- Museum number
- Object: Cruelty and Oppression Abroad
Satire on the campaign to end the British slave trade: a Caribbean scene with enslaved Africans dancing happily watched by two white men and a white woman, while in the foreground an abolitionist admits to a man in military uniform that accounts of cruelty are merely the products of his own "vile imagination". May 1792
- Production date
Height: 388 millimetres
Width: 512 millimetres
- Curator's comments
- This print was published within six weeks of William Wilberforce's first motion for the abolition of the slave trade (see 2007,7058.1) and demonstrates how the West India interest began to cast doubts on the abolitionist cause. It is a pair to "Justice and Humanity at Home" (impression in the Huntington Library, San Marino, California) where William Wilberforce is seen to be ignoring the cruel flogging of British sailors ("This is so near home it is beneath our notice").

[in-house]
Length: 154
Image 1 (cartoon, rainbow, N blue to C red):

For another related print, see 2007,7058.3.
The print was advertised on "Wonderful News from Seringapatam" (BM Satires 8090), published by Holland on 18 May 1792: "Three Prints on the Slave Trade - Justice and Humanity at Home - Cruelty and Oppression Abroad; and, the Blind Enthusiast. Price Half a Guinea." There is another impression in the collection of the New York Historical Society.
- Not on display
- Exhibition history
2008 Jan-Mar, BM Gallery 90 display
- Acquisition date
- Acquisition notes
- In 1970 Andrew Edmunds purchased from Folio Fine Art the remnant of an album of British satirical prints assembled in the late 18th century; the remaining contents included this print and another by Newton (2007,7058.1).
- Prints and Drawings
- Registration number